Saturday, December 27, 2014

Economy of Georgia, end of 2014

The Republic of Georgia is a country I personally have a very close connection to, and have visited since I have friends there through scientific research. As a young political economist, I am extremely interested in their development and how to see their economy grow to a point where they can join the European Union and have a better life for all Georgians. While looking at their economy to see where they are standing relative to other European States, I noticed that their GDP growth in 2013 was only around 2%, while the annual average over the last 10 years has been between 5% and 6% with the exception of 2008 due to the war with Russia.

2013 in Georgia saw a rapid decrease in foreign investment as Georgian Dream came to power after 8 years of being an almost single-party state in its parliamentary make-up, although there were opposition parties which competed in elections and received some seats. This saw a rapid decrease in foreign investment which hurt the economy of Georgia and caused the rapid decline in their GDP growth (although the economy was still growing). 2014 has however seen Georgia return to its historic long-run average and this will hopefully continue as time goes on.  This is from a monumental shift in the Georgian economy from Foreign Direct Investment to more domestic sources, which can be seen how their GDP growth in 2014 returned to it's long run average but FDI stayed constant.

Georgia has an unusually good legal foundation for economic growth. They have an extremely good Ease of Doing Business Index rating, on par with the most developed economies of the world. These reforms which Saakashvili pushed for attracts foreign capital and is what has allowed them to grow so rapidly. Another good thing is their prices have been extremely stable over the last few years, which is highly unusual. Another good thing is Average Monthly Earnings have risen every year since 1999, which stimulates short-run consumption and economic growth in the most effective way possible.  Investment as well has also increased every year for which there is information, which is essential for long-run growth so Georgia will have the capital it needs over the next few decades.

Georgia is in an unusual status-quo which is good for long-run growth. As time goes on they will continue to get to where they need to be, and will hopefully get to join the European Union in 10-20 years from now at the longest extent. The future looks bright for Georgia.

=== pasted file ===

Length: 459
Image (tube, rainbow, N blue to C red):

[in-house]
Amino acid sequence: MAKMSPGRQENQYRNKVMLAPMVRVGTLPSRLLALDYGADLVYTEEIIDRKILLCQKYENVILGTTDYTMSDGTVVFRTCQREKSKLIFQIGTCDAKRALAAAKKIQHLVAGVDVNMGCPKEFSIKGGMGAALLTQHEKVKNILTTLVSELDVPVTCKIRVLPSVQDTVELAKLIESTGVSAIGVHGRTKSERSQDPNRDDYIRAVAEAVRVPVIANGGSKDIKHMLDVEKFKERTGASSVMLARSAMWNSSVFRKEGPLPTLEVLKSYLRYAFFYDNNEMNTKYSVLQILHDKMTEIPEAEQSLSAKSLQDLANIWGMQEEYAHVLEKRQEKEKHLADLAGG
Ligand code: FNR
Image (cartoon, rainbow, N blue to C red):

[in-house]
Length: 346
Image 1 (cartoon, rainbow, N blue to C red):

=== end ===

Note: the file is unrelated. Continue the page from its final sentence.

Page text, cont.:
Additional References:

Friday, December 5, 2014

My reading list

I am currently undergoing a time of education on top of my senior year in college right now (my major is economics and political science) where I am listening to and reading some great books of philosophy. The following is the list of what I am going to read. Suggestions for books I should read which are not here are appreciated!

To be clear, this list is trying to be inclusive of most points of view, but there are a handful of schools I am not interested in reading, one is existentialism (which I read some of in high school and hated) and anything having to do with or influenced by Ayn Rand. There is no Subjectivism on this list either. It also is focused on post-Renaissance European/American philosophy. I hopefully will do another survey of Chinese philosophy in the future, and hopefully Indian as well. It is also focused on political philosophy. I've tried to include at least one book from every major philosopher. Some such as Mill, Kant, and Rawls are too important and influential to pick one so I've tried to pick their most influential books. As time goes on I will 
  1. The Prince By Niccolo Machiavelli (1513)
  2. Essays by Francis Bacon (1597-1625)
  3. Leviathan By Thomas Hobbs (1651)
  4. Principles of Philosophy by Rene Descartes (1644)
  5. Two Treatises of Government by John Locke (1689)
  6. A Treatise of Human Nature by David Hume (1739)
  7. Candide by Voltaire (1759)
  8. The Social Contract by Jean-Jacques Rousseau (1762)
  9. Critique of Pure Reason by Immanuel Kant (1781)
  10. The Federalist Papers by James Madison, John Jay, and Alexander Hamilton (1787/1788)
  11. Critique of Practical Reason by Immanuel Kant (1788)
  12. Critique of Judgement by Immanuel Kant (1790)
  13. Essays by Ralph Waldo Emerson (1841, 1844)
  14. Walden by Henry David Thoreau (1854)
  15. A General View of Positivism by Auguste Comte (1856)
  16. On Liberty by John Stuart Mill (1859)
  17. Utilitarianism by John Stuart Mill (1861)
  18. Das Kapital by Karl Marx (1867)
  19. The Division of Labor in Society by Comte (1893)
  20. The Open Society and Its Enemies by Karl Popper (1945)
  21. Philosophical Investigations by Ludwig Wittgenstein (1953)
  22. My Philosophical Development by Bertrand Russell (1959)
  23. The Wretched of the Earth by Frantz Fanon (1961)
  24. Anarchy, State, and Utopia by Robert Nozick (1974)
  25. Discipline and Punish by Michel Foucault (1975)
  26. A Theory of Justice by John Rawls (1971)
  27. Political Liberalism by John Rawls (1993)
I have already read On Liberty and Utilitarianism by John Stuart Mill, and they have greatly effected the way I see politics and the world. I have also read The Wretched of the Earth and Discipline and Punish so I will just skip over them. I include them for people who are interested, and I recommend them all.

I also thank the people who wrote these two very different lists giving me some ideas on which political philosophers to include: and